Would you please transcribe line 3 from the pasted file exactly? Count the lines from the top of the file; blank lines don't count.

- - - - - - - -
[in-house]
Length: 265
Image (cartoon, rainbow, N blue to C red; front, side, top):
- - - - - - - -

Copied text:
Image (cartoon, rainbow, N blue to C red; front, side, top):